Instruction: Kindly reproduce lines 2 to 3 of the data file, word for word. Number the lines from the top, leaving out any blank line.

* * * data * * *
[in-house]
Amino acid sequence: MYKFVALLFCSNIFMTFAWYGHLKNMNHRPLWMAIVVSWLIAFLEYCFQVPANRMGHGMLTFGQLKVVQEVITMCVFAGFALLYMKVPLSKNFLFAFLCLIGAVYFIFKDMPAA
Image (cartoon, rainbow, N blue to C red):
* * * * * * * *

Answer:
Amino acid sequence: MYKFVALLFCSNIFMTFAWYGHLKNMNHRPLWMAIVVSWLIAFLEYCFQVPANRMGHGMLTFGQLKVVQEVITMCVFAGFALLYMKVPLSKNFLFAFLCLIGAVYFIFKDMPAA
Image (cartoon, rainbow, N blue to C red):